Sunset on Port Hacking, Sydney, NSW on 17 May 2012. Photo Nick Lomb
The winter solstice is the day when the Sun reaches its furthest north position in the sky and starts moving back towards the south. It marks one of the main turning points in the year with the others being the two equinoxes and the summer solstice in December. This year winter solstice is on Saturday 21 June with 8:51 pm the time that the Sun is furthest north. After 21 June the days start becoming longer and night time shorter.
In ancient Europe the winter solstice (in December in the northern hemisphere) was a time of celebration. The Romans had a week-long celebration called Saturnalia during which all wars had to stop and courts did not try criminals. Later this festival became Dies Natalis of Sol Invicti or the Birthday of the Unconquerable Sun celebrated on 25 December each year.
In many countries the seasons are fixed in reference to the four astronomical turning points so that we could take the start of winter from the day of the solstice. In Australia, however, the seasons traditionally start on the first of the appropriate month so that winter has already begun on 1 June. This fits in well with our weather for it takes a while for the ground and the oceans to come into equilibrium with the minimum of heat received from the Sun at this time. The coldest days hence tend to be in the middle of July and so in the middle of the three-month winter period.
The times of sunrise and sunset from Sydney in June and July 2014. Chart Nick Lomb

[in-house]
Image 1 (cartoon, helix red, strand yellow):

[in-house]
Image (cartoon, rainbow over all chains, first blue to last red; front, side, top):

On the day of the winter solstice the interval between sunrise and sunset is the shortest in the year, although the interval only differs by a second or two from that on the day before or the day after. This minimum day length would suggest that the latest sunrise and the earliest sunset for the year should also occur on 21 June. That is not the case as can be seen from the above chart. The latest sunrise (7:01 am) is about ten days later around 1 July, while the earliest sunset (4:53 pm) is about ten days earlier around 11 June.
The reason for this is that in June the Sun reaches the point where it is due north a little later each day. This pushes the time of sunrise and the time of sunset a little later each day until the increase in the length of the day after the solstice starts becoming stronger.
Why does the Sun reach the point where it is due north later each day? This is a combination of two factors: one is that due to tilt of the Earth’s axis the plane in which the planet circles the Sun does not coincide with its equator; and the other that the Earth moves at varying speeds in its annual path around the Sun. These two factors together make up the equation of time that is so important when trying to read a sundial.
On Saturday 21 June we will have reached the shortest day of the year. From then on things are bound to improve. Maybe Australia will win its match against Spain at the World Cup on the early morning of Tuesday 24 June!